Don’t Start on The Computer

Hey folks –

It’s been a while. I’ve got lots to write, and you’ll see that in the coming weeks, but for now, I wanted to share something I realized.

When building something, it’s tempting to get right to the work. To sit down, and start doing whatever the thing is. And although it seems this should work, oftentimes your hours into the work and you realize you really haven’t accomplished anything at all. Why? Technology is littered with distractions, and even if you are spending 100% of that time on the task at hand, you probably aren’t thinking as critically as you would if you turned the screen off for a moment.

Before I start a new task, I sit in front of a whiteboard, or my ReMarkable tablet for a few minutes and map out the problem and a few possible solutions. Then, I keep that in front of me while I’m working through the problem. And since obstacles come up, and it’s easy to lose perspective of things, I’ll oftentimes take a break a few hours in, and sit in front of my whiteboard and map the problem out, yet again.

Don’t get me wrong, I’m not perfect at this. When I have a great idea, or I’m in a state of momentum, it’s easy to want to jump right into the project, but I’ve found that when I spend just 5 or 10 minutes workshopping the problem out, without a screen, it seems to get done faster and in a more meaningful way.

Don’t start with Facebook ads

Happy Sunday! Today I wanted to share my thoughts on traffic, especially when you are just starting. Just a heads up before we start, though. I understand traffic and have been hands-on with it historically, but I’m by no means an expert. I like to focus on the overarching strategy, and while I am at times involved with the bells and whistles, it’s not my specialty. Let’s get right into it.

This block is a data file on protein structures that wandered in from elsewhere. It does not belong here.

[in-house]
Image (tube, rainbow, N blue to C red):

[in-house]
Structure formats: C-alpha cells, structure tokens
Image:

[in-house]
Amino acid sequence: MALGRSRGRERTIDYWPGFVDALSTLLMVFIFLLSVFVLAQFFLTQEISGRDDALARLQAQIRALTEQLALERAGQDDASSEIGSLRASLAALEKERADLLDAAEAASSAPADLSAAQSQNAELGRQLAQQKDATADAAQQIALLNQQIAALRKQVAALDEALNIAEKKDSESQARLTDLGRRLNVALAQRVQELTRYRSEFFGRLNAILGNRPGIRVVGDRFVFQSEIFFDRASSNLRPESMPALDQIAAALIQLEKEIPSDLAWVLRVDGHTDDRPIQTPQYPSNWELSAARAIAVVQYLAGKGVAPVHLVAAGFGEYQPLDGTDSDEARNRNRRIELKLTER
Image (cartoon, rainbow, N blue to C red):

Traditionally, folks will tell you to start with Facebook Ads and scale – maybe branch out to Youtube Ads or affiliates eventually. On the surface, this sounds like good advice, and often time it is. But for many companies, there’s a better way.

With Facebook Ads, you run interruption-based advertising, meaning your customers aren’t seeking out your service; you’re coming to them. Their algorithm is so good that it may be exactly what you need, but generally, targeting and getting your potential customer’s attention isn’t easy.

When starting something new, I try to avoid interruption-based advertising altogether (with the exception of retargeting ads). Instead, I like to be right in front of the customer when they are actively seeking out a solution to their problem, which we can solve. The easiest way to do this is through Google pay-per-click ads. Think about it; if someone is seeking a solution to their problem that your service can solve, they’re essentially a warm customer. The pitch is easier, and there’s less work when it comes to the ad creative. Plus, you’ll probably end up paying less to acquire the customer.